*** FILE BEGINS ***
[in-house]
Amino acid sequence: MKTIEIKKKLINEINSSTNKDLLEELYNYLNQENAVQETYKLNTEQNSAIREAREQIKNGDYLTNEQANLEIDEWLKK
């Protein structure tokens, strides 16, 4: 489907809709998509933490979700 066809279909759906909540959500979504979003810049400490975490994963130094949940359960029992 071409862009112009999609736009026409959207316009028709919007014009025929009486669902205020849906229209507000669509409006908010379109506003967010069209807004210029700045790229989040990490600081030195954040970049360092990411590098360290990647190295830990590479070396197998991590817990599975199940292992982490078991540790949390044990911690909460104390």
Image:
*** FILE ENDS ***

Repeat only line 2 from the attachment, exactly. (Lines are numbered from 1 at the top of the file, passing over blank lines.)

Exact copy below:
Amino acid sequence: MKTIEIKKKLINEINSSTNKDLLEELYNYLNQENAVQETYKLNTEQNSAIREAREQIKNGDYLTNEQANLEIDEWLKK